Pete Buttigieg: Remove Thomas Jefferson’s Name Because “It’s The Right Thing To Do”
Pete Buttigieg: Remove Thomas Jefferson’s Name Because “It’s The Right Thing To Do” by Tim Brown for Freedom Outpost
Homosexual presidential candidate Pete Buttigieg was questioned about one of America’s founding fathers, Thomas Jefferson, and whether or not his name should be erased from certain events that are celebrated. Buttigieg responded, “It’s the right thing to do.”
Appearing on The Hugh Hewitt Show on Friday, the South Bend Mayor, who is at war with our Creator who gave us our rights, which Thomas Jefferson wrote about in the Declaration of Independence, said that renaming Jefferson-Jackson Dinners to remove Jefferson’s name simply because he had slaves.
“Let’s go to policy now,” said Hewitt. “A very blunt question because you talk about going to every Jefferson-Jackson Dinner in Indiana when you were running statewide. Should Jefferson-Jackson dinners be renamed everywhere because both were holders of slaves?”
“Yeah, we’re doing that in Indiana,” said Buttigieg. “I think it’s the right thing to do.”
“You know, over time, you develop and evolve on the things you choose to honor,” he added. “And I think we know enough, especially Jackson, you know, you just look at what basically amounts to genocide that happened here.”
He continued, “Jefferson’s more problematic. You know, there’s a lot to, of course, admire in his thinking and his philosophy. Then again, as you plunge into his writings, especially the notes on the state of Virginia, you know that he knew that slavery was wrong.”
Hewitt simply responded, “Yes.”
“And yet, he did,” said Buttigieg. “Now, we are all morally conflicted human beings.”
“It’s not like we’re blotting him our of the history books or deleting him from being the founding fathers,” he said in an attempt to not give away the store, but everyone knows exactly where all of this is going to erase American history.
“But, naming something after somebody confers a certain amount of honor,” he said. “The real reason I think there is a lot of pressure on this is the relationship between the past and present that we’re finding in a million different ways that racism isn’t some curiosity out of the past that we’re embarrassed about but moved on from. It’s alive, it’s well, it’s hurting people and it’s one of the main reasons to be in politics today is to try to change or reverse the harms that went along with that. We better find ways to live out and honor that principle.”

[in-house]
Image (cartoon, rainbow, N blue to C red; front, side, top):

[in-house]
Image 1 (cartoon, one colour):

Well, part of that is to remember the past. If we don’t learn from it, we tend to relive the same mistakes from those that did.
Obviously, Buttigieg could use some history lessons himself. I suggest maybe he and President Trump have an actual Bible study on Genesis 19 with a competent man of God teaching them and I’d suggest he honor that principle of not blaming God for his own depravity, but rather man up and repent in a manner he seems to want to pontificate on the way Thomas Jefferson should have regarding slavery.
However, the hypocrisy is absolutely astounding with this guy.
As Mac Slavo reported less than two weeks ago, Buttigieg was pushing for “voluntary” forced slavery in the US.
While complaining to MSNBC‘s Rachel Maddow about what he sees as the United State’s lack of “social cohesion,” Buttigieg called for one year of national service as a solution. That’s forced labor, or gulags, or slavery no matter how you decide to slice it up. The USSA seems a more appropriate acronym to use when democrats discuss ideas.
As Reason so aptly put it: no doubt he would take offense at any comparison of his scheme to chattel slavery—a comparison such as that offered by former slave Frederick Douglass.
“What is freedom? It is the right to choose one’s own employment. Certainly, it means that, if it means anything,” Douglass thundered in response to Union General Nathaniel P. Banks’s policy as military commander of Louisiana of extracting one year of forced agricultural labor from freedmen on behalf of the federal government. “And when any individual or combination of individuals, undertakes to decide for any man when he shall work, where he shall work, at what he shall work, and for what he shall work, he or they practically reduce him to slavery.” –Reason
Although Buttigieg didn’t explicitly call for conscription to build “social cohesion,” he made it seem as though that’s an option. He allowed himself a little deniability by telling Maddow, “One thing we could do that would change that would be to make it, if not legally obligatory, but certainly a social norm that anybody, after they’re 18, spends a year in national service.”
It sure sounds like somehow, Buttigieg wants everyone to volunteer themselves for service to the government. It would be nice to know how he’d enforce any such human rights violation without force and putting guns to the heads of those who refuse to comply. And the public seems to disagree with his enslavement idea.
A 2017 survey by Gallup found 49 percent of Americans favoring the idea and 45 percent opposed. Unsurprisingly, support for mandatory national service rises among older cohorts who are highly unlikely to ever receive a draft notice, winning the nod from a solid two-thirds of those over 65. By contrast, the 18- to 29-year-olds actually targeted by forced labor schemes despise the idea by 57 percent to 39 percent. –Reason
Buttigieg seems to think that allowing a choice of civilian or military tasks to fulfill the whims of politicians addresses concerns about mandatory national service. But when compared to historical slavery, telling a slave they can choose to pick cotton or they can sow seeds still isn’t freedom.